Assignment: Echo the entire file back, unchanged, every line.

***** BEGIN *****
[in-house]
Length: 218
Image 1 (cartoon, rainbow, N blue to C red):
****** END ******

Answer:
[in-house]
Length: 218
Image 1 (cartoon, rainbow, N blue to C red):